Excessive and fragmented disclosure is hampering good corporate communication. The focus should be on quality rather than quantity.
Disclosure – excessive disclosure in particular – was a theme running through the conference and, if the Twitter comments on the day are a good indicator, was very much on the mind of delegates as well.
The question is, who is to blame? Delegates laid responsibility at the feet of standard setters (45%) and regulators (39%). But as IASB member Stephen Cooper pointed out, that’s not the whole story: “We’re not the only ones to blame. Users like disclosures, and if you ask anyone which [disclosures] should be taken away, they find it very hard to choose”.
Many speakers felt that the problem was behavioural, with companies too often erring on the side of caution to avoid lengthy discussions with the regulator. Former SEC Chief Accountant and current PwC partner Wayne Carnall said there was much that companies can do and his message was to “make your annual report more informative by providing less information”.
Russell Picot, Group Chief Accounting Officer at HSBC, knows better than most how difficult that is to achieve in practice. The HSBC financial statements are 550 pages long; a few years ago, he said, he managed to trim back about 100 pages; but over the following three years, incremental disclosure requirements added back 150 pages. But HSBC continues to experiment: “We’ve also tried moving the heavy text - the standard disclosures that don’t change from year to year – to the back and stating upfront which of our disclosures had changed. Structuring is a good idea, but it doesn’t necessarily result in a shorter report.”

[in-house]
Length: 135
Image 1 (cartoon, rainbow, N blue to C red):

We think this hits the nail on the head. The focus should not be on reducing the quantity of disclosures but on increasing their quality. Companies should ask themselves why and how they disclose what they disclose: Is it material? Is it repetitive? Can I tell the story in a more clear and cohesive way? If disclosure quality improves, a reduction in volume should be a natural by-product.